The British Museum opened its doors to the public in 1759, and on January 15 this year, it turned 260. Over the years, more than 350 million people visited the museum in London city – a figure that exceeds the population of the United States of America. The first visitors to take a trip walked through the entrance of Montagu House, the then museum property, and the rest, as they say, is history. If you are one among the 350 million visitors to have taken the British Museum tours, the institution is indebted to you. Of course, it is no wonder since the free-to-visit museum houses an extensive collection of art and artifacts.
The London museum’s collection includes 8,000,000 objects, which are housed across several sites. The present one expanded from the original collection of about 71,000 items, bequeathed to the country on Sir Hans Sloane’s demise. It is still growing at the museum, and the curators here continue to buy new objects.
Two Million Years of History
The rocks, made by early human beings about two million years ago, and found in Tanzania’s Olduvai Gorge, are still among the oldest items in the museum collection. The rocks represent the first technological innovation in the world and could be put to other uses, i.e., to chop branches, cut meat, and smash bones. Visitors can get their hands on similar items at the objects-handling desk in the museum’s second room.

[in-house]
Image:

A Royal Visit
Those on British Museum tours London can see 2,774 objects in the “Sir Joseph Hotung Gallery of China and South Asia”, spanning from the prehistoric times to the present day. The gallery was reopened by Queen Elizabeth II following a refurbishment a couple of years ago. The Queen, who was also given a guided tour by the museum curators at that time, even put her signature on the guest book.
The Great Court if the British Museum forms a stunning centerpiece to it. At two acres, the covered square is larger than a soccer pitch. In its roof, there are 3,312 glass panels, which are uniquely shaped, and which stands 26.3 meters above the floor.
A Museum for the World
Over the previous ten years, the British Museum has opened ninety-two international touring expositions in twenty-one different nations. Over ten million people around the globe have seen one of its touring shows – that exceeds London’s population itself.